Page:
Experts talk about identification process of human remains

Anthropology lab at Texas State University. (KXAN Photo)
Anthropology lab at Texas State University. (KXAN Photo)

GEORGETOWN, Texas (KXAN) — Although no human remains were found but if they were, KXAN spoke with Dr. Suzanne Dana, forensic pathologist in Lockhart, about what it takes to identify a body which has been buried for years, or possibly even decades.

Dana said a body that has been buried for 15 years would likely be skeletal by now, but that all depends on the conditions of burial, including what type of clothing, if any, the deceased was wearing.

To identify the body, examiners would likely turn to the following methods:

  • Dental records
  • X-Rays of unique bones, such as skull, face and sinus cavities
  • DNA taken from bones
  • Skin could be mummified in certain conditions, which could allow investigators to match tattoos

Kate Spradley, an Anthropology professor from Texas State University says it can be very challenging when the bones are more than 15 years old. If the remains were come to her lab, she would look at how well they’re preserved, whether they were subject to UV radiation and what kind of soil the remains were in. Once in the lab, she would conduct a post-mortem examination where she collects data, estimates the sex and tries to pull a DNA sample.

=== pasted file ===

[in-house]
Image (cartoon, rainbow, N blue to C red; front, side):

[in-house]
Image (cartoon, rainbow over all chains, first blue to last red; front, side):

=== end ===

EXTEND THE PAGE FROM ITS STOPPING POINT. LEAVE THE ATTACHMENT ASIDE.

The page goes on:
In recent years, KXAN has profiled the Forensic Services Unit at the University of North Texas. UNT’s Center for Human Identifications is the key to solving a lot of missing persons’ cases across the country as it helps with facial reconstructions of unidentified bodies. The center also assists with DNA collections to match bodies with missing persons and manages the National Missing and Unidentified Persons System.

The system is a tool used to assist authorities and families in solving long-term missing and unidentified cases.

Rachel Cooke’s case is part of the database.

Rachel, who was 19 years old at the time, vanished during her morning run in Georgetown on Jan. 10, 2002.

Her file in the National Missing and Unidentified Persons System contains details including dental records and information about her tattoos, which can all be used to help match up bodies with ongoing investigations. provides commenting to allow for constructive discussion on the stories we cover. In order to comment here, you acknowledge you have read and agreed to our Terms of Service. Users who violate these terms, including use of vulgar language or racial slurs, will be banned. If you see an inappropriate comment, please flag it for our moderators to review.

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